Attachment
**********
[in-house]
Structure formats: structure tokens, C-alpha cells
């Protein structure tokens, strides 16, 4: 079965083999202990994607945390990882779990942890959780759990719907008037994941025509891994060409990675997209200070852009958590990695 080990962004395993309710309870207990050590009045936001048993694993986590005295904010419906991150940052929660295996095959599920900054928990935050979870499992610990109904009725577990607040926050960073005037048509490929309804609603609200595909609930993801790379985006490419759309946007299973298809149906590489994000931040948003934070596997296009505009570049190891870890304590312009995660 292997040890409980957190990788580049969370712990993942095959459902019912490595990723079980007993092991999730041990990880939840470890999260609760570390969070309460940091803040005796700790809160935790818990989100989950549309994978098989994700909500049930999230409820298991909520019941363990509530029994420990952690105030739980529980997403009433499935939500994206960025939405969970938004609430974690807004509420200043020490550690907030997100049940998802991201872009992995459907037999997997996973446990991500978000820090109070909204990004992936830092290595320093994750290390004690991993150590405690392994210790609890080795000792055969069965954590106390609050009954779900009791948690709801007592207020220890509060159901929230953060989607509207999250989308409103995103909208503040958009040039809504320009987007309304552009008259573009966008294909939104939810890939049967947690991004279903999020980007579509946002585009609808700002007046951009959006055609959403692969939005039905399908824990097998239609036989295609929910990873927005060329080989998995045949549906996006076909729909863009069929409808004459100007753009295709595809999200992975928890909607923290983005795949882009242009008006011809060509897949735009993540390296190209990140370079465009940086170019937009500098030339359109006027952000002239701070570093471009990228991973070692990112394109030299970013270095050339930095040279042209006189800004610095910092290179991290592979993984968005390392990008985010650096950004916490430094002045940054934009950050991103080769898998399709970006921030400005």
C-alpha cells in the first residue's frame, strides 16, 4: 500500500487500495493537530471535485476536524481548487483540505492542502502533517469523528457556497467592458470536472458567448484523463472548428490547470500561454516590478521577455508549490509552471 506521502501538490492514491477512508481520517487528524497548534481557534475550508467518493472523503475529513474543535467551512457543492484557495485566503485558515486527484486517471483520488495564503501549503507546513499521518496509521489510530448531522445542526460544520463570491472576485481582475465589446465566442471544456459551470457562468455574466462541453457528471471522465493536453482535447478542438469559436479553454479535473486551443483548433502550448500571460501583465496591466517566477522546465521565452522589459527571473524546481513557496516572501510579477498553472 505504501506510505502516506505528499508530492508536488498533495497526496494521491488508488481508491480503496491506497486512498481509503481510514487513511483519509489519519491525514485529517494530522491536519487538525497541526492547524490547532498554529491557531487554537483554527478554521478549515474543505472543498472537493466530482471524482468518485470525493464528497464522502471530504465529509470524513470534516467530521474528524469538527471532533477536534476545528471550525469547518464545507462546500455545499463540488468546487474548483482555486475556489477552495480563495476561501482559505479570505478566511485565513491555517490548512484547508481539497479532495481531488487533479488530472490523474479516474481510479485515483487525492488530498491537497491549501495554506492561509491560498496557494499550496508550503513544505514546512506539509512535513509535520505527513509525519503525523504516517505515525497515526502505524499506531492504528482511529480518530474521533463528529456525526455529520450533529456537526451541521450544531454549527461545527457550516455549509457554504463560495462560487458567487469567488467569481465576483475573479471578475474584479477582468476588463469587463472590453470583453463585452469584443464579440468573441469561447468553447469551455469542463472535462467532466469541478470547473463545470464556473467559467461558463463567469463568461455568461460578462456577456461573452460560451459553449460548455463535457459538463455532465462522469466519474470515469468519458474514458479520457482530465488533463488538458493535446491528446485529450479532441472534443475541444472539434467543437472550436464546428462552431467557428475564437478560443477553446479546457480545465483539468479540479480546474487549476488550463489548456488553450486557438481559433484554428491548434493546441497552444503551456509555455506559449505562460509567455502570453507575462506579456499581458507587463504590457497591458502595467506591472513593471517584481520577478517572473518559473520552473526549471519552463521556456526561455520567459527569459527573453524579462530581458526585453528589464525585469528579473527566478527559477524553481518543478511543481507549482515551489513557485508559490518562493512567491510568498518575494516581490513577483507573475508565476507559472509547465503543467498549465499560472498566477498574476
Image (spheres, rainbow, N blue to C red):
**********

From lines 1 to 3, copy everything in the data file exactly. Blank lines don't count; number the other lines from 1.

[in-house]
Structure formats: structure tokens, C-alpha cells
């Protein structure tokens, strides 16, 4: 079965083999202990994607945390990882779990942890959780759990719907008037994941025509891994060409990675997209200070852009958590990695 080990962004395993309710309870207990050590009045936001048993694993986590005295904010419906991150940052929660295996095959599920900054928990935050979870499992610990109904009725577990607040926050960073005037048509490929309804609603609200595909609930993801790379985006490419759309946007299973298809149906590489994000931040948003934070596997296009505009570049190891870890304590312009995660 292997040890409980957190990788580049969370712990993942095959459902019912490595990723079980007993092991999730041990990880939840470890999260609760570390969070309460940091803040005796700790809160935790818990989100989950549309994978098989994700909500049930999230409820298991909520019941363990509530029994420990952690105030739980529980997403009433499935939500994206960025939405969970938004609430974690807004509420200043020490550690907030997100049940998802991201872009992995459907037999997997996973446990991500978000820090109070909204990004992936830092290595320093994750290390004690991993150590405690392994210790609890080795000792055969069965954590106390609050009954779900009791948690709801007592207020220890509060159901929230953060989607509207999250989308409103995103909208503040958009040039809504320009987007309304552009008259573009966008294909939104939810890939049967947690991004279903999020980007579509946002585009609808700002007046951009959006055609959403692969939005039905399908824990097998239609036989295609929910990873927005060329080989998995045949549906996006076909729909863009069929409808004459100007753009295709595809999200992975928890909607923290983005795949882009242009008006011809060509897949735009993540390296190209990140370079465009940086170019937009500098030339359109006027952000002239701070570093471009990228991973070692990112394109030299970013270095050339930095040279042209006189800004610095910092290179991290592979993984968005390392990008985010650096950004916490430094002045940054934009950050991103080769898998399709970006921030400005």